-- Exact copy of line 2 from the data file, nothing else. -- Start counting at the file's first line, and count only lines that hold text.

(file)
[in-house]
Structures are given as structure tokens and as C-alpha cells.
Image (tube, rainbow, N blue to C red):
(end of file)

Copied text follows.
Structures are given as structure tokens and as C-alpha cells.